Effect of Raw Materials on Color & Gloss
"The first step is always the hardest." This also applies when formulating a coating. The application of the final finish determines the selection of the raw materials. Not only are mechanical properties like abrasion resistance and adhesion important, but also optical attributes like color, gloss and opacity; and one cannot forget the overall costs of the formulation. In order to guarantee consistent quality a routine quality control system needs to be established at the very first production step.
Paint is a liquid or powdery coating that is applied on objects as a very thin layer. By means of chemical or physical processes, it converts to an adherent film. Paint normally consists of the following components:
The binder or resin combines all solid components of the coating and acts as the film former. It imparts mechanical properties such as hardness, flexibility and adhesion. The binder itself is clear and glossy.
Resin systems are subject to degradation by thermal and photo induced oxidation. Therefore, resistance against weathering and UV radiation needs to be ensured. This is highly important for corrosion coatings that protect objects like bridges, storage tanks or steel structures against environmental influences. Tests are either done by using accelerating weathering chambers or under real-world conditions. The most popular weathering areas are located in Arizona and South Florida.
In this example, two different types of silicone-epoxy resins were exposed. As displayed in the graph, type 2 started at a higher initial 60° gloss and even after 42 months of Florida exposure continues to maintain a much higher gloss level than type 1.
Color retention was excellent for both systems. After 42 months of outside exposure they exhibit a ΔE* of less than 1 compared to the control.
Fillers are solid particles, which are virtually insoluble in the vehicle. They serve to increase the volume of the paint and to improve mechanical and optical properties. They are usually less expensive than other pigments and reduce the overall costs of a paint formulation. Among all, calcium carbonate fillers are quantitatively the most important class. They exhibit a neutral tone and a high brightness (L* ≥ 95) and can therefore be used to substitute TiO2. As their mean particle size is larger and their refractive index is lower, care has to be taken to achieve the required hiding power. New synthetically produced calcium carbonate types are available which consider the aforementioned. In a medium class interior paint formulation with 12.5 % TiO2 and a PVC (pigment volume concentration) of 76 % the amount of TiO2 was substituted 1:1 by the new calcium carbonate type. This graph shows the results: Opacity as well as brightness compared to the standard formulation did not change up to a TiO2 substitution of 60 %.1)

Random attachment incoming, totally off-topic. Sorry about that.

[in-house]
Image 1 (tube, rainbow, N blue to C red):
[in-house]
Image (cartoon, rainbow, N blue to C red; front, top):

In this experiment only an increase in 85° gloss from 4 to 7 gloss units was monitored.
1) Dr. Petra Fritzen; Solvay Chemicals GmbH: Ein gut gefülltes Paket; Farbe und Lack (June 2015); page 58 – 62
Additives are substances that are added to a coating in very small amounts to improve properties such as wetting and dispersing, flow and leveling, defoaming or can act as matting agent.
One of the most important steps in the production of pigmented coatings is the homogeneous distribution and stabilization of pigments and fillers within the liquid binder solution. If this step is not optimized, a variety of defects can occur: e.g. flocculation, gloss reduction, color shift and settling. Wetting and dispersing additives are surface-active substances that improve the wetting of solids and prevent the flocculation of the particles. The diagram shows the influence of wetting/ dispersing additives on the dispersion quality. Two different additives used in a solvent-free coating system are compared with the same system without additive (= control). The new product perfectly stabilizes the pigments resulting in an increased 20° gloss value and a significant reduction in haze.
The chapter “Industrial coatings” discusses an application how the orange peel of powder coatings can be optimized by using the flow & levelling additive BYK-3902 P. Measurements were taken using the wave-scan instrument.
Dependent on their particle size, wax additives can have an influence on the surface gloss. Usually, particle sizes larger than 1 μm produce a matting effect. CERAFLOUR 1000 is a micronized polymer with wax-like properties to improve surface protection and haptics (soft feel effect). It has a matting effect, especially in radiation curable systems. The graph shows the influence of additive concentration on the gloss level of a 1-K AC-PU Copolymer Dispersion. Even after 4 week storage at 40°C the matting effect isn`t hardly reduced.
Rheology additives are used to adjust the flow behavior of the coating. For example waxes are utilized to improve the orientation of effect pigments. In the following example a waterborne system was evaluated using three different rheology additives: a standard system, an acrylic thickener and the wax additive AQUATIX®. Visually, the three panels look the same under direct illumination at a steep angle. When comparing at a lower grazing angle, the system using the wax additive shows less sparkling.
BYK-mac i measurement data correlate with a visual judgment. The sparkle area for the system with wax additive at 75° is smaller than for the two other systems. As Sparkle 75° evaluates flakes which are non-parallel oriented, this clearly shows that by using the wax additive AQUATIX® the orientation of the aluminum flakes is improved.